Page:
Ticket #10110: 10110.diff

File 10110.diff, 2.6 KB (added by Graham King, 9 years ago)
  • docs/faq/contributing.txt

    2424vary from week to week depending on our spare time. If we're busy, we may not
    2525be able to spend as much time on Django as we might want.
    27 Besides, if your feature request stands no chance of inclusion in Django, we
     27The best way to make sure tickets do not get hung up on the way to checkin
     28is to make it dead easy, even for someone who may not be intimately familiar
     29with that area of the code, to understand the problem and verify the fix:
     31    * Are there clear instructions on how to reproduce the bug? If this touches
     32    a dependency (such as PIL), a contrib module, or a specific database, are
     33    those instructions clear enough even for someone not familiar with it?
     35    * If there are several patches attached to the ticket, is it clear what
     36    each one does, which ones can be ignored and which matter?
     38    * Does the patch include a unit test? If not, is there a very clear
     39    explanation why not? A test expresses succinctly what the problem is,
     40    and shows that the patch actually fixes it.
     42If your feature request stands no chance of inclusion in Django, we
    2843won't ignore it -- we'll just close the ticket. So if your ticket is still
    2944open, it doesn't mean we're ignoring you; it just means we haven't had time to
    3045look at it yet.
     47When and how might I remind the dev team of a bug I care about?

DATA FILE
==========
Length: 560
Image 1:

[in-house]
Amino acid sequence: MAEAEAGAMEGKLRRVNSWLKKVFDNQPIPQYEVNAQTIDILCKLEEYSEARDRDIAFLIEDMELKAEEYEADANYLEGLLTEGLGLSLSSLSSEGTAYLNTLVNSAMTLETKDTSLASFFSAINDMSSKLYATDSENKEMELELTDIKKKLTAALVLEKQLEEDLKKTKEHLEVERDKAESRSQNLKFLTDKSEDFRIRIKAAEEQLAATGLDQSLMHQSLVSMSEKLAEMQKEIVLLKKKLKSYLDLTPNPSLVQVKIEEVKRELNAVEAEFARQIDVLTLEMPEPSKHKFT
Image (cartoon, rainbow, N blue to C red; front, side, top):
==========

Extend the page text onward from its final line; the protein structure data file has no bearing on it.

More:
50A polite, well-timed message to the mailing list is certainly one way
     51to get attention. Keep an eye on the grand schedule. If you make noise
     52when the core devs are under the hammer trying to hit a feature
     53deadline or manage a planning phase, you're probably going to get
     54ignored. However, raising the ticket when the core devs are paying
     55attention to bugs - just before a bug fixing sprint, or in the leadup
     56to a beta release for example - is likely to get some traction.
     58Gentle IRC reminders can also work - again, strategically timed
     59(during a bug sprint would be a very good time, for example).
     61Another way to get traction is to pull related items together. When I
     62jump into the code to fix a bug in an area I haven't touched for a
     63while, it can take a few minutes to refresh my memory on exactly how
     64things work. If you collect minor bugs together into similarly themed
     65groups, you make an attractive target for us core devs (who are, after
     66all, exceedingly lazy and like easy jobs much more than hard jobs :-)
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